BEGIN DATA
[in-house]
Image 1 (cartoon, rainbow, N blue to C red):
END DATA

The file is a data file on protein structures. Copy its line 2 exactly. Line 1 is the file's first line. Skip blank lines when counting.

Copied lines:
Image 1 (cartoon, rainbow, N blue to C red):